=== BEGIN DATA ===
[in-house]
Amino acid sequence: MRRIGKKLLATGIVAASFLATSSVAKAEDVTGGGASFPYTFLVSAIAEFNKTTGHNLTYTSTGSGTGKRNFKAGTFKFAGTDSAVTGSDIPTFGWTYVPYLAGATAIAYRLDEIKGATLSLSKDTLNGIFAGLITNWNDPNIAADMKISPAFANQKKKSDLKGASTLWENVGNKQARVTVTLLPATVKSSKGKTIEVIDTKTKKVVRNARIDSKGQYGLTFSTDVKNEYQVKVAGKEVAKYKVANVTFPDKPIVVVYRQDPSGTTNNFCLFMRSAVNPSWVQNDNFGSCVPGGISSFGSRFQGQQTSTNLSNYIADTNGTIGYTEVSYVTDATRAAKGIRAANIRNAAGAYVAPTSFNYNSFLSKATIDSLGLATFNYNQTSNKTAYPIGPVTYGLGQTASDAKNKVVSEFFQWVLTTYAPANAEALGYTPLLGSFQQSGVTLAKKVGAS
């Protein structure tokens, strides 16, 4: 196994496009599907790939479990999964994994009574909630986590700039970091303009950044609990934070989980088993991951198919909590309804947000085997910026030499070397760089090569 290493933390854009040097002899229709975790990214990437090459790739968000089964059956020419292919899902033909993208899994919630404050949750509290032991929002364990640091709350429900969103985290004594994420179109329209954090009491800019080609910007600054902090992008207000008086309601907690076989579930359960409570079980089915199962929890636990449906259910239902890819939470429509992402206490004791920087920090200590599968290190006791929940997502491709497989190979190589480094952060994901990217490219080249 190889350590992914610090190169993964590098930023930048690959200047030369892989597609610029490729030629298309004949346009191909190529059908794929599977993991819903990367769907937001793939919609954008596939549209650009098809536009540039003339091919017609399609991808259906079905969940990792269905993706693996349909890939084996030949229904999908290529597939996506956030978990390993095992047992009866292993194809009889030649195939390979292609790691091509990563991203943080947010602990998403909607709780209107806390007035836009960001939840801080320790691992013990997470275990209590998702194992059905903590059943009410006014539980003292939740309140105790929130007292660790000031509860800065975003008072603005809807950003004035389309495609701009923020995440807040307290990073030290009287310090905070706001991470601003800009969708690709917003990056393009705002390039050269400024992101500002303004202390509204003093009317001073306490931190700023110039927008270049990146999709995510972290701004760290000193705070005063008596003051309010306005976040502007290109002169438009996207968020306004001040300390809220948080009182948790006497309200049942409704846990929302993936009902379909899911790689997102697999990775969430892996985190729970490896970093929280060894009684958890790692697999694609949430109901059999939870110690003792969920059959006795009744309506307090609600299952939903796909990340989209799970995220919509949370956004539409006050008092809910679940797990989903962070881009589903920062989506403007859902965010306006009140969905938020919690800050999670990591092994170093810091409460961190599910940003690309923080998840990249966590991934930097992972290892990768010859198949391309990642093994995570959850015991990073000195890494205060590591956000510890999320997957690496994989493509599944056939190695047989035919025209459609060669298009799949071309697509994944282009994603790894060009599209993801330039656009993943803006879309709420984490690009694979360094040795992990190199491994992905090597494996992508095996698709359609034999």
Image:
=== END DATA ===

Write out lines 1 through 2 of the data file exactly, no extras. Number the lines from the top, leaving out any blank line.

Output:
[in-house]
Amino acid sequence: MRRIGKKLLATGIVAASFLATSSVAKAEDVTGGGASFPYTFLVSAIAEFNKTTGHNLTYTSTGSGTGKRNFKAGTFKFAGTDSAVTGSDIPTFGWTYVPYLAGATAIAYRLDEIKGATLSLSKDTLNGIFAGLITNWNDPNIAADMKISPAFANQKKKSDLKGASTLWENVGNKQARVTVTLLPATVKSSKGKTIEVIDTKTKKVVRNARIDSKGQYGLTFSTDVKNEYQVKVAGKEVAKYKVANVTFPDKPIVVVYRQDPSGTTNNFCLFMRSAVNPSWVQNDNFGSCVPGGISSFGSRFQGQQTSTNLSNYIADTNGTIGYTEVSYVTDATRAAKGIRAANIRNAAGAYVAPTSFNYNSFLSKATIDSLGLATFNYNQTSNKTAYPIGPVTYGLGQTASDAKNKVVSEFFQWVLTTYAPANAEALGYTPLLGSFQQSGVTLAKKVGAS